The 2011 annual conference of the ILA was held this past October 26-29 in London, England at the stylish Park Plaza Westminster Hotel and Conference center–just a block away from the River Thames and in the shadow of Big Ben. According to reports from conference organizers, over 800 ILA members from 57 countries came together to explore this year’s theme of One Planet, Many Worlds: Remapping the Purposes of Leadership. Over the span of four days, participants gathered in keynote presentations, workshops, panel discussions, roundtables, poster presentations, as well as many informal gatherings and hallway conversations, to share some of the latest thinking and research on the current state and anticipated future of leadership from across the globe. Through this year’s theme, the conference explored redefining the purposes of leadership within a world that is, on the one hand, growing more polarized and fragmented, while, on the other, is being forced through circumstance to join together and address the common threats, such as widespread systemic collapse and global destruction. I must say that from the beginning two things were clear: first, the global nature of this event was unmistakably evident in the number of seminars and presentations dedicated to strengthening leadership practices across cultural, generational and gender divides; second, the unprecedented challenges our planet now faces demand not only that we able to come together, but once we do so we will need to develop new resources for creative thinking and innovation. This demand challenges us pursue new approaches to leaders that can help transcend long-standing barriers.

This year’s conference chair was the well-known British scholar Jon Gosling, Ph.D. Dr. Gosling opened the conference with an address that reminded the audience of all the critical issues at stake in the world at this time and the crucial role leadership can play in helping to facilitate constructive outcomes. His comment that “change needs to happen at the systemic level” was inspiring for it let me know that leadership practices were needed that recognized complexity and deep interdependencies. Gosling’s discussion also alerted me to the necessity of transdisciplinary collaboration—the need to step outside the security of a particular mindset or practice in order to trust that new, more effective forms of collective action can emerge in the spaces between what is known and, too often, vigorously defended. As the conference got underway I was left with a sense of kinship with both established and emerging scholars while simultaneously feeling challenged to stretch my own thinking and aspirations towards places I might not have otherwise expected.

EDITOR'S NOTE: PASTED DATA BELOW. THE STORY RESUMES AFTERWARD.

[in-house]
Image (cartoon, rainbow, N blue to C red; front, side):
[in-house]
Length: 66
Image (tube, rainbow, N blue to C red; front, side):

The conference’s three keynote speakers, Stef Kranendijk, CEO of industrial the Netherland’s flooring manufacturer DESSO, British lawyer aUnd environmental activist Polly Higgin, and the renowned British scholar and journal editor Dr. Keith Grint, were each inspiring. While, in each case, I wished they had gone a bit deeper into their own respective experience with integrating new paradigms into established systems, their presentations helped move my thinking towards what leadership can do to help foster a more unified, sustainable planet. For example, Stef Kranendijk shared his experience instituting “cradle-to-cradle” manufacturing standards in DESSO’s processes of fabricating industrial flooring products. Unlike traditional methods of manufacturing–which generally start with “virgin” materials to creates products that, once used, are then discarded for good– cradle-to-cradle focuses on starting with second generation materials and processing them in such a way that they may be later extracted and used forever through unlimited iterations of the recycling process. Interestingly, Kranendijk also showed how by doing this he was able to generate even more profit than had he stayed committed to traditional manufacturing methods. The conference’s closing keynote, Dr. Keith Grint, spoke from a academic perspective and presented research in support of the idea that, to effectively steward innovation in the years ahead, leaders must be willing to challenge long-held “truths” and embrace the principles of disruptive innovation.